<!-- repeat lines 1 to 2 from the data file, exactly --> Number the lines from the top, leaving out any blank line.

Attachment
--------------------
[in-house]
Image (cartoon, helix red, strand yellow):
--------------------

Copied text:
[in-house]
Image (cartoon, helix red, strand yellow):